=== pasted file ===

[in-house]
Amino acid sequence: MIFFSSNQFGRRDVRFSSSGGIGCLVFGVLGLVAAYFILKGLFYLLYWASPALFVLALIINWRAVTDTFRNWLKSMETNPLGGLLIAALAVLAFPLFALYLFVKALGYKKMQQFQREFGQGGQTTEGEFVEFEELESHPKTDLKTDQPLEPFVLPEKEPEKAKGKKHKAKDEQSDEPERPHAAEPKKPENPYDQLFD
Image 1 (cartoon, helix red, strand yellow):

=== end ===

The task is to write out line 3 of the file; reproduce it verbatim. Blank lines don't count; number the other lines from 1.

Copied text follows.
Image 1 (cartoon, helix red, strand yellow):